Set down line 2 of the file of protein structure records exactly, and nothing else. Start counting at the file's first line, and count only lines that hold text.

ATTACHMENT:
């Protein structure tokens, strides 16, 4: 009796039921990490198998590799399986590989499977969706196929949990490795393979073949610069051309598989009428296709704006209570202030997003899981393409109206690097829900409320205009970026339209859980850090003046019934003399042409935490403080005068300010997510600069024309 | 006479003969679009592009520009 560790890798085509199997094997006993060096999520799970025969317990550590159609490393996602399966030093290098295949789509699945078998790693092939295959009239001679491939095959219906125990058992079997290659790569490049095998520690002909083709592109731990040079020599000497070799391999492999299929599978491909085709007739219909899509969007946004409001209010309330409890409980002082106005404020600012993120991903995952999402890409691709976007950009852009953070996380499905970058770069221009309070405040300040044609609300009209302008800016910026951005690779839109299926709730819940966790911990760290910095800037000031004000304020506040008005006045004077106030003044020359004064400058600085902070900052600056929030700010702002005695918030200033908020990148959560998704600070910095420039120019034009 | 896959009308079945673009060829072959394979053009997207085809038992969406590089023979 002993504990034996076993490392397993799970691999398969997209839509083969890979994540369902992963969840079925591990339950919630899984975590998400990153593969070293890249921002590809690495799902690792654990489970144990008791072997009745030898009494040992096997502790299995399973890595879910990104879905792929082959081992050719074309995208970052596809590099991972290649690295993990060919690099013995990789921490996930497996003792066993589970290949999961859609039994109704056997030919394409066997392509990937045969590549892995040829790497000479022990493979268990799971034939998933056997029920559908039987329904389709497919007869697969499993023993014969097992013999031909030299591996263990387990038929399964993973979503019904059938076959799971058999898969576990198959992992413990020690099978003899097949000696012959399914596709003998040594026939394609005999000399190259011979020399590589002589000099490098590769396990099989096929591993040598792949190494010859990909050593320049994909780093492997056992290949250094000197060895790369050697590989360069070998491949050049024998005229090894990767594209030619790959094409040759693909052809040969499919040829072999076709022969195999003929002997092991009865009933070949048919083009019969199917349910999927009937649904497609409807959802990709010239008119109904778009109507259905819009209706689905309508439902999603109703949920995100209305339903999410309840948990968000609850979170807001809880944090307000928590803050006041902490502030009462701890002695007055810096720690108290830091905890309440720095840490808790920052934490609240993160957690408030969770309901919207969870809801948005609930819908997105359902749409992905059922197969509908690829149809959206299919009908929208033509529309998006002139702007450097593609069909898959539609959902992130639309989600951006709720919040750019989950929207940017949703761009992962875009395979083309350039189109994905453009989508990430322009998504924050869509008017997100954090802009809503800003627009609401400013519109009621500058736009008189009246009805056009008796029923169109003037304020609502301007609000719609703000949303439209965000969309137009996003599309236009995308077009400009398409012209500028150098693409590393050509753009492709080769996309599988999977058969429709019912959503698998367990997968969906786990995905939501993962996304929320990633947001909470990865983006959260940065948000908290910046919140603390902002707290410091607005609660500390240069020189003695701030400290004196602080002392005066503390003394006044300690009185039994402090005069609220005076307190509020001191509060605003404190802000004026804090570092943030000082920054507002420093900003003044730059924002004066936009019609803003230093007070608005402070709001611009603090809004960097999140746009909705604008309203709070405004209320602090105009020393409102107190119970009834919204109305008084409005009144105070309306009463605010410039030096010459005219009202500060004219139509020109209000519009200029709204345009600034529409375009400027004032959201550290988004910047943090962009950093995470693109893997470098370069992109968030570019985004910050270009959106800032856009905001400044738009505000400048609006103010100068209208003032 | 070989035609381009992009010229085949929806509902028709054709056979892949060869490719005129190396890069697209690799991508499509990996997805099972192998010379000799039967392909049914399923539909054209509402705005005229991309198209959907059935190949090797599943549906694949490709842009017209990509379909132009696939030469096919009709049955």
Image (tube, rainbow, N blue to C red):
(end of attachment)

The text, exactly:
Image (tube, rainbow, N blue to C red):